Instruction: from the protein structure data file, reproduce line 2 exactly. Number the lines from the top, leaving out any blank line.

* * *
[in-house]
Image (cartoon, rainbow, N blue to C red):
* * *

Image (cartoon, rainbow, N blue to C red):